McLendon Classic Community Event to feature roundtable with coaches, KU faculty

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Kansas Athletics is celebrating the first McLendon Classic, a recognition of trailblazer John McLendon’s contributions to basketball and civil rights.

McLendon, born in 1915, was the first African-American to graduate KU with a bachelor’s degree in physical education in 1936, according to a news release from KU Athletics. While at KU, McLendon studied the intricacies of basketball from James Naismith.

He launched his coaching career at what is now known as North Carolina Central, a historically Black university. He went on to become the first Black coach to win a national tournament in 1954; he was also the first Black head coach at a predominantly white university, according to the release.

“A pioneer for the integration of college basketball and the architect behind the fast break and pressure defense, the Hiawatha, Kansas native and member of the Delaware Tribe of Indians is a two-time inductee into the Naismith Memorial Basketball Hall of Fame in 1978 as a contributor, and again in 2016 as the first African-American coach,” according to the release.

The McLendon Classic Community Event will feature a screening of “Fast Break: The Legendary John McLendon,” followed by a roundtable discussion.

“(T)he group will share their thoughts about the documentary while exploring the profound impact that John McLendon had on the University of Kansas, the game of basketball and society at large,” according to the release.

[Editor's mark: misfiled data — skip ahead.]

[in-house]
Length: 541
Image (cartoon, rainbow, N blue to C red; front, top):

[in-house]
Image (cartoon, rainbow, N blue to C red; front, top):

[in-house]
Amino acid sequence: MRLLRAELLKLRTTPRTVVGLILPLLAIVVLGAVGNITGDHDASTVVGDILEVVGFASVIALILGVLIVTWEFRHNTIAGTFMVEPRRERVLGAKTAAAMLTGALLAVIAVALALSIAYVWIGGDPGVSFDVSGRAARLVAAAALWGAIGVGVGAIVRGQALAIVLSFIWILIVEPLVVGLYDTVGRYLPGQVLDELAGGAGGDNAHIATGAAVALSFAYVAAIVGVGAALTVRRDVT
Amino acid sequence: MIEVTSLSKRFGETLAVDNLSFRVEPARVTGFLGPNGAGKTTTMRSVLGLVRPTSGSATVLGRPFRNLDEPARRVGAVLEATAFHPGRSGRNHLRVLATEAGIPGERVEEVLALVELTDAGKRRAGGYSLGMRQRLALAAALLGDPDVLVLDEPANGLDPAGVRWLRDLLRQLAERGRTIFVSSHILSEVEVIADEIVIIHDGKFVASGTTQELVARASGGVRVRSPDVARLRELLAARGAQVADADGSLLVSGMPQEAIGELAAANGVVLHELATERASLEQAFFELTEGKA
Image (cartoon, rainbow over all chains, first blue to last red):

The roundtable discussion will feature KU professor and Emmy Award-winning director Kevin Willmott; KU director of equity and success initiatives Melissa Peterson (Diné); North Carolina Central coach LeVelle Moton; and KU coach Bill Self. KU professor Shawn Alexander will serve as moderator.

“In hosting this event and North Carolina Central, we get an opportunity to honor one of the greatest coaches our sport has ever known, John McClendon,” Self said in the release. “We want to create awareness for the McClendon Foundation Leadership initiative on our campus and in our building playing an HBCU institution associated with the great John McLendon.”

The McLendon Classic Community Event is free to attend and open to the public. It’s set for 5 p.m. Sunday, Nov. 5 at the Lied Center, 1600 Stewart Drive. Attendees may donate to the NCCU Black Student-Athlete Summit Experience Fund.

The Jayhawks face the NC Central Eagles at 7 p.m. Monday, Nov. 6 at Allen Fieldhouse in their home season opener. The game will air on ESPN+.

“There will be recognitions throughout the contest honoring McLendon as well as moments to highlight current affinity groups at KU that are continuing McLendon’s legacy of inclusion, proactivity and perseverance,” according to the release.

As of noon Friday, tickets were “almost gone” for Monday’s game but available at this link.

Learn more about McLendon and the foundation in his name on its website.

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